FIGURE 1. 1. Regional geological setting of the Bengal Delta Complex with reference to down drift coastal plains incorporating large area covered by modern mangrove forest of Sundarbans, the Bay of Bengal Sea and Quaternary stratigraphy with time-successive palaeocoastlines (modified after Mallick et al., 1972). Note position of studied Bakkhali beach sector. 2. Magnified view of coastal beach sectors with location of study area (marked by red) by the side of a mighty estuary and position (*) of reported Uca marionis mud volcanoes (De, 2009). 3. A field excavation site from study area showing occurrence of soft mud layers below relatively dry and rigid sand layers with sharp contact as specific substrate condition.

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FIGURE 2. 1. A field photograph of referred sample area for detailed study showing prolific growth of Uca lactea mud-mounds on substrate having varied height, presence of mangrove bushes and spread of living Turritella spp. shells and distal creek. 2. Map prepared from sample study area shows distributions of simple mounds in high ground, compound mounds in low ground, Turritella spp. trails in low ground, mangrove bushes/plants and creek.

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FIGURE 3. 1-2. White paraffin wax casts of the Uca lactea burrows in natural position in the field. Note simple un-branched I-shaped burrow morphology with lower bulged portion and narrow apertural neck. 3. Uca lactea simple mud-mound with a central circular burrow aperture. 4-5. Uca lactea compound mud-mounds with multiple circular to elliptical burrow apertures. 6. A compound mud-mound with projected down mud tongues (arrowed) denoting high water content of the mud slur. 7. Mud-mounds with apertural and rolled out mud lumps (arrowed) indicating low water content of the mud slur. 8. Mud-mound with mud rod (arrowed) ejected out of burrow mouth indicating paste-like viscosity of the mud slur. 9-11. Serial horizontal sections of mud-mound showing successive appearance of burrow openings (arrowed): one in top and three in base level showing downward bulging without any sign of convergence.

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FIGURE 4. 1. Uca lactea burrow mouth with excavated loose sediment heaves or domes in relatively dry area. 2. Uca lactea mud chimney and surrounding substrate with mud clasts derived from collapsed mud-mounds and sorted out by tidal current, mud cracks and one trace producing crab (arrowed). 3. Ideal simple mud-mound of Uca lactea associated with feeding pellets arranged around burrow openings. 4. Network of Turritella spp. trails as observed after tidal wash out in low grounds. 5. Network of non-branching and radiating worm burrows (finer) in exposed and relatively dry mudflat. 6. Branching worm burrows (thicker) in exposed and relatively dry mudflat.

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FIGURE 5. 1-6. Photographic illustrations arranged in order of gradual morphological transformation of simple (1) to compound mud-mounds (5-6) highlighting some possible morphological variants. Note greenish brown biomat coating on mud-mounds (1 and 5) that are microbially stabilized. The grey coloured mounds are yet to be stabilized.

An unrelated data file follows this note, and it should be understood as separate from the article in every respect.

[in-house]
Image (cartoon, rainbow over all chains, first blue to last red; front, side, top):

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FIGURE 6. 1. A cluster of predominantly simple mud-mounds produced in high ground. 2-4. Photographs showing field occurrences of predominantly simple mud-mounds in higher ground. 5-11. Photographs showing field occurrences of predominantly compound mud-mounds in low ground. Note greenish brown biomat coating on mud-mounds (6-9 and 11) as a part microbial stabilization process. 12. Photograph illustrating ground elevation-based distribution of simple and compound mounds. (Note size variations, population density variations, surficial features, substrate ruggedness, variation in substrate elevation and different morphotypes of mud-mounds as observed in natural populations.)

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FIGURE 7. Schematic illustration of Uca lactea mud-mound building process as controlled by ground elevation and tidal recession. HTL stands for high tide level.

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FIGURE 8. 1-2. Photographic illustrations of collapsed mounds (arrowed; circular to irregular depressions with central burrow opening(s) as observed immediately after high tide. 3. Rolled out mud balls, lumps and clasts derived from collapsed mud-mounds by tidal action.

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FIGURE 9. Vertical height variation curves of simple and compound mud-mounds (total 149 numbers) of Uca lactea in low and high grounds. Curve 1 - compound mounds (30 numbers with average height 14 cm) in low ground; Curve 2 - simple mounds (6 numbers with average height 11 cm) in low ground; Curve 3 - compound mounds (8 numbers with average height 7.5 cm) in high ground and Curve 4 - simple mounds (105 numbers with average height 4 cm) in high ground. Note shorter height of simple mounds relative to compound mounds irrespective of ground height and higher population of simple mounds in high ground and compound mounds in low ground.

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